On this week’s media roundtable, we’ll discuss coverage of the shooting massacre at Stoneman Douglas High school in Parkland, Florida, which left 17 people dead. Students who survived the shooting are boldly calling on Republicans to pass gun control legislation and stop taking contributions from the NRA.

Photo by Paul Hart used under CC BY 2.0 via Flickr

  

On this edition of Your Call, we’ll look at public school funding. Investment in K-12 schools has dramatically declined over the past decade. Why have states cut public education funding so deeply and what are the consequences?

 

Steve Disenhof

  

On this edition of Your Call, we’ll speak with Robert Moses about his company’s new dance performance Bootstrap Tales. The performance is inspired by the company’s effort to help San Francisco foster youth find a career in the arts.

Photo by Danny Howard, used under CC BY-SA 2.0 via Flickr

  

On this edition of Your Call, we examine partisan voting districts. In 2012, Republicans held the House even though they got 1.4 million fewer votes than Democrats. Republicans also won majorities in states across the country even though more voters backed Democrats. Why? Gerrymandering.

How can we save our coral reefs?

Feb 18, 2018

What do we need to know about the unique role of coral in our ocean ecosystems? On the next Your Call's One Planet Series, we'll rebroadcast our discussion about the documentary Chasing Coral.

On this week’s weekly media roundtable, we’ll discuss media coverage of North Korea's participation in the Winter Olympics in South Korea. In the opening ceremony, athletes from both countries wore the same uniform and carried a unified flag.

Courtesy WNYC Studios

  

On this edition of Your Call, we examine class. When surveyed, the vast majority of people in the US say they are either middle class or working class. The truth is, we are experiencing record inequality. How does class shape our lives?

David Baker Architects

  

On this edition of Your Call, we're talking about building affordable housing. Families cramming into RVs to survive illustrate how bad the need is inCalifornia. There’s demand for an estimated 1.5 million units, but the new federal tax plan is expected to reduce California’s housing budget by 20 percent. How will California build these units?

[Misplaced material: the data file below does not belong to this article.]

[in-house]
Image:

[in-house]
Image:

On this edition of Your Call, we’ll have a conversation with Pulitzer Prize winning investigative journalist Steve Coll about his new book Directorate S: the C.I.A. and America’s Secret Wars in Afghanistan and Pakistan.

  

On this edition of Your Call’s One Planet Series, we’ll celebrate the 100th anniversary of the Migratory Bird Treaty Act of 1918, which protects more than 1,000 bird species from being killed or harmed.

 


On this week’s media roundtable, we’ll discuss coverage of Puerto Rico and the role of private contractors on the island. Five months after Hurricane Irma, why are 400,000 people still without electricity?

Did you know that Richmond, Milpitas, and Palo Alto all had sub-divisions where it was illegal for African Americans to own a house? On this edition of Your Call, Richard Rothstein discusses The Color of Law: A Forgotten History of How Our Government Segregated America, which details how laws and policy decisions promoted the very discriminatory patterns that continue today.

flickr user Dank Depot via creative commons

  

On this edition of Your Call: Now that marijuana is legal in California, who will benefit? And how will racially biased drug laws change?

creative commons via flickr user Charleston's TheDigitel

  

On this edition of Your Call, we're discussing California’s affordable housing crisis. Nearly one-third of renters spend more than 50% of their income on housing.

On this edition Your Call’s One Planet Series, journalist Carey Gillam joins us to discuss her new book Whitewash: The Story of a Weed Killer, Cancer, and the Corruption of Science.


  On this week’s Your Call media roundtable, we’ll discuss the recent Taliban and ISIS suicide bombings in Afghanistan, which killed at least 138 people. According to reports, as the Taliban gains more territory, the Pentagon has tried to censor information about how much of the country is controlled by insurgent groups.